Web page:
“Youngsters are going to grow up missing teeth and having to wear a denture”
NHS dentistry – specifically in relation to a lack of access for child patients – has been in the news recently, following reports of schools having to seek alternative dental care for their pupils, and the revelation that child tooth extractions have more than halved during the pandemic.
It appears the news is set to continue, with Mervyn Druian, a former NHS dentist who now practises privately, telling The Telegraph that the state of children’s NHS dentistry is “a scandal that has been ignored. In 35 years, I’ve never known it so bad. Youngsters are going to grow up missing teeth and having to wear a denture to replace them. It is a tragedy that a first world country is providing a dental service that would embarrass a third world country.”
With 2,000 dentists leaving the NHS in 2021, an increase of 951 from the previous year, it is clear that there is a growing shortage of dentists. However, the news outlet also explains that “This month, research by University College London revealed children are eating three times the amount of sugar they should be by age seven, with fruit juices and smoothies – which parents often assume are healthy – making up the greatest share of sugar in their diets.”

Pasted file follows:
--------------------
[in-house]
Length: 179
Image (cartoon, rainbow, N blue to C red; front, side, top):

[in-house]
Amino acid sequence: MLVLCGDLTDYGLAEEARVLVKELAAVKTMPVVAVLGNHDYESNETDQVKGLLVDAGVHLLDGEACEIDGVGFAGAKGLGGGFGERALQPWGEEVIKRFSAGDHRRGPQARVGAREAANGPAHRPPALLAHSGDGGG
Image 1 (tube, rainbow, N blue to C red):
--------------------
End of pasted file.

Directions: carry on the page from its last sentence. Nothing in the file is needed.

It continues, “This toxic combination has forced many to choose between paying for their offspring to go private or forfeiting visits altogether.”
Shabnam Zai, who works for a private dentist practice, is seeing an increasing number whose decay is too advanced for fillings. She told The Telegraph, “We’re doing more extractions. The youngest child came to us when he was three. His mother had been unable to get an NHS appointment during the pandemic.”
An NHS spokesperson said, “The NHS has been clear that dental practices must prioritise children, and we have taken unprecedented action throughout the pandemic to support dentists to continue to treat their patients. An additional £50 million was made available to support patients with urgent care needs in January – as well as income protection for practices unable to deliver their usual levels of activity – and anyone with concerns should contact their local dentist as they usually would or seek advice from NHS 111.”
Author: Josie Jackson